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Top 7 World’s Tallest Towers

A tower is a tall structure, usually taller than it is wide, often by a significant margin. A tower is also defined as a building in which usable floor space occupies less than 50% of its height. Let’s have a look at the Top 7 tallest towers in the world.

7 – Kuala Lumpur Tower, Malaysia

The Kuala Lumpur Tower abbreviated as KL Tower is a tall tower located in Kuala Lumpur, Malaysia. Its construction was completed on March 1, 1995. It is used for communication purposes and features an antenna that reaches 421 m (1,381 feet). The roof of the pod is at 335 m (1,099 feet). The tower is the highest viewpoint in Kuala Lumpur that is open to the public. The building is the landmark of Kuala Lumpur with arch-rival PETRONAS Towers.

6 – Milad Tower, Iran

Milad Tower also known as Burj-e Milad or Tehran Tower is a 435 m-high (1,427 ft) multi-purpose Iranian concrete tower; built in 2007 in between the Shahrak-e Gharb and Gisha districts of Tehran.

5 – Oriental Pearl Tower, China

The Oriental Pearl Radio & TV Tower is a TV tower in Shanghai, China. Its location by the side of Huangpu River makes it a distinct landmark in the area. Its construction commenced in 1991, and the tower was completed in 1994. At a 468 m (1,535 feet) height, it was the tallest structure in China from 1994–2007, when it was surpassed by the Shanghai World Financial Center. It is classified as an AAAAA scenic area by the China National Tourism Administration. The tower is brightly lit in different LED sequences at night.

4 – Ostankino Tower, Russia

Ostankino Tower is a television and radio tower in Moscow, Russia. This tower holds a pivotal status in Russian Television and Radio Broadcasting Network. The tower was designed by Nikolai Nikitin. It is 540.1m (1,772 ft) tall. The tower was the first free-standing structure to exceed 500 m (1,600 ft) in height. Construction began in 1963 and was completed in 1967. Extensive use of pre-stressed concrete resulted in a simple and strong structure.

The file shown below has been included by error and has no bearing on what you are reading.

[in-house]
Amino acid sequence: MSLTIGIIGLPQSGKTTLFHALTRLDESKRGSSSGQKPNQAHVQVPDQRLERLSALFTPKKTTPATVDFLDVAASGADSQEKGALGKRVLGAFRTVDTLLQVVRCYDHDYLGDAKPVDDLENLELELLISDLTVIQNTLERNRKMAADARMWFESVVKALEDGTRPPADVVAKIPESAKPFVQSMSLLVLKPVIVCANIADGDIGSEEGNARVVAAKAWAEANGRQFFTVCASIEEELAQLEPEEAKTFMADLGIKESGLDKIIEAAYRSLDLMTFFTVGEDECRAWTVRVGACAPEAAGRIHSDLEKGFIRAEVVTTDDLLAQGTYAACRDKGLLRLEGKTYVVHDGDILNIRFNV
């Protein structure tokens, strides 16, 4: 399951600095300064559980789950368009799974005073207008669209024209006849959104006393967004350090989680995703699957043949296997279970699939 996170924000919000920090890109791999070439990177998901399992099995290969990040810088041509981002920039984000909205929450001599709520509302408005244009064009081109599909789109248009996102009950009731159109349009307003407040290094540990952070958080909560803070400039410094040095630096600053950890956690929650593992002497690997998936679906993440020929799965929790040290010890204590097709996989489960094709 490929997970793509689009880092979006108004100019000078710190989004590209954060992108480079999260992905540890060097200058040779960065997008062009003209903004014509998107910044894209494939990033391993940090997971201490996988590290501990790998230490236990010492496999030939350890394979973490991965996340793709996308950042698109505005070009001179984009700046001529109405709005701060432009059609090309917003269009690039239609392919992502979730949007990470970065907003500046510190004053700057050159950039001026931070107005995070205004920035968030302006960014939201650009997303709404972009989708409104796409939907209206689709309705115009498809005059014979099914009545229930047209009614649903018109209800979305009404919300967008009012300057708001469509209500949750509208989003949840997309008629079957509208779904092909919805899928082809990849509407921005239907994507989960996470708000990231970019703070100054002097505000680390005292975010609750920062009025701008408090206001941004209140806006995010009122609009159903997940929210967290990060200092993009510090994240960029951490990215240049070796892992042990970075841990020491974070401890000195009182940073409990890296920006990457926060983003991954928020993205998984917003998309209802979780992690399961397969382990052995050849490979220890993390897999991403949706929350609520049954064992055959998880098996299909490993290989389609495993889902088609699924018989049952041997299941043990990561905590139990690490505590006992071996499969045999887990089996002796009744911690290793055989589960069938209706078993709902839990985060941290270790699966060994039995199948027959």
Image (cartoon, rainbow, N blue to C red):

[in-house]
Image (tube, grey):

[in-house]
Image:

3 – CN Tower, Canada

CN Tower, also called Canadian National Tower is a broadcast and telecommunications tower in Toronto. Standing at a height of 553m (1,815 feet), it was the world’s tallest freestanding structure until 2007. Construction of CN Tower started in February 1973 and involving more than 1,500 workers; the tower was completed in February 1974, and the attachment of its antenna was finished in April 1975. CN Tower was built by Canadian National Railway Company which is by far Toronto’s most distinctive landmark. Consisting of multiple observation decks, a revolving restaurant at some 351m (1,151 feet), and an entertainment complex, CN Tower is a major tourist attraction. It is also the center for telecommunications in Toronto.

2 – Canton Tower, China

Canton Tower formerly known as Guangzhou TV Astronomical and Tourism Tower and also known as Guangzhou Tower is a 600 m-high (2,000 ft) multi-purpose Chinese observation tower in the Haizhu District of Guangzhou, China. The tower was topped out in 2009 and it became operational on 29 September 2010 for the 2010 Asian Games. The tower briefly held the title of tallest tower in the world, replacing the CN Tower, before being surpassed by the Tokyo Sky-Tree in 2011 .It is the tallest structure in China and the fourth-tallest freestanding structure in the world. Its incipient height is 600 m in 2010.

1 – Tokyo Sky-Tree, Japan

Tokyo Sky-tree is a broadcasting, restaurant, and observation tower in Tokyo, Japan. It became the tallest structure in Japan in 2010 and reached its full height of 634 m (2,080 ft) in March 2011, making it the tallest tower in the world, displacing the Canton Tower, and the second tallest structure in the world after Burj Khalifa. It took around 806 million USD for its construction.

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